from the Iowa District Court for Des Moines County, William
L. Dowell (judgment) and Mary Ann Brown (amended judgment),
Dominique Bullock appeals from an order entered on his motion
to correct illegal sentences.
C. Smith, State Appellate Defender, and Stephan J. Japuntich,
Assistant Appellate Defender, for appellant.
J. Miller, Attorney General, and Kyle Hanson, Assistant
Attorney General, for appellee.
Considered by Danilson, C.J., McDonald, J., and Scott, S.J.
DANILSON, Chief Judge.
Dominique Bullock appeals from a district court order entered
on his motion to correct illegal sentences. The supreme court
granted his motion for delayed appeal and transferred the
case to this court. Bullock contends the district court erred
in assessing him court costs and attorney fees without making
a determination of his reasonable ability to pay and argues
any delay in raising the issue is attributable to ineffective
assistance of counsel. This claim must first be made to the
district court. We dismiss the appeal.
2003, Bullock was convicted of first-degree kidnapping for an
offense committed in 1999 when Bullock was sixteen years
He was sentenced to life without the possibility of parole on
the kidnapping conviction. Bullock was sentenced to two
consecutive prison terms not to exceed twenty-five years on
the burglary and sexual-abuse convictions, with a mandatory
minimum on the sexual-abuse charge.
kidnapping conviction was affirmed on direct appeal. See
State v. Bullock, No. 03-1444, 2004 WL 2173339, at *1
(Iowa Ct. App. Sept. 29, 2004). In 2011, based on Graham
v. Florida, 560 U.S. 48, 74-75 (2010), and Bonilla
v. State, 791 N.W.2d 697, 701 (Iowa 2010), Bullock was
resentenced to life with the possibility of parole.
Provisions of his sentence regarding restitution were left
2014, Bullock filed a motion to correct illegal sentence,
seeking resentencing with no mandatory minimum based on
State v. Lyle, 854 N.W.2d 378, 381 (Iowa 2014)
(holding "juvenile offenders cannot be mandatorily
sentenced under a mandatory minimum sentencing scheme").
The district court conducted a resentencing hearing on the
motion, heard evidence, and ultimately entered an "order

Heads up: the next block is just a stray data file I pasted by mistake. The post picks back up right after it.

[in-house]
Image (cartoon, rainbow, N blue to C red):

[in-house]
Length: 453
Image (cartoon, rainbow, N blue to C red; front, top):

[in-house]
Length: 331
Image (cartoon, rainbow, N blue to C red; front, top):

reaffirming previous sentence" after engaging in the
analysis required by Lyle. Bullock's appeal of the
resentencing on the sexual-abuse and burglary charges was
decided by this court on March 23, 2016. See State v.
Bullock, 2016 WL 1130311, at *4. There, our court
stated: "To the extent Bullock claims he does not have
the reasonable ability to pay the restitution ordered in
2002, he can petition the district court for a hearing to
review the plan of restitution or the restitution plan of
payment pursuant to Iowa Code section 910.7."
was allowed a delayed appeal in this case regarding his
kidnapping conviction due to counsel's failure to file a
timely notice of appeal despite Bullock's timely request.
appeal, Bullock does not challenge district court's order
resentencing him to life in prison with possibility of
parole. Rather, he challenges the restitution portions of his
sentence previously entered, which were left undisturbed in
both the 2011 and 2014 resentencing proceedings. He contends
court costs and mandatory attorney fees were assessed to him
"without the constitutionally mandated determination of
his reasonable ability to pay." Bullock asserts,
"This matter should be reversed and remanded for a
hearing to determine Bullock's reasonable ability to pay
the obligations in question."
State responds in part by contesting Bullock's right to
raise this issue here. The State argues Bullock may only
challenge the district court's order reaffirming the
prior sentence through certiorari or discretionary review.
See State v. Propps, 897 N.W.2d 91, 97 (Iowa 2017)
(noting there is no right to appeal a denial of a motion to
correct illegal sentence and that "appeals from a motion
to correct an illegal sentence are most appropriately
fashioned" as a petition for writ of certiorari). The
State further argues that because Bullock is not challenging
the substance of the 2014 order but is rather disputing the
amount of restitution-an issue unaddressed in the district
court's 2014 order-"[t]he proper mechanism to
contest the amount of restitution is a motion pursuant to
disagree slightly with the State's characterization of
Bullock's request to this court. Bullock is not directly
challenging the amount of the restitution ordered. Rather, he
is asserting there has been no hearing or finding of
"his reasonable ability to pay the obligations emanating
from his conviction." Bullock correctly asserts that a
finding of an ability to pay is "constitutionally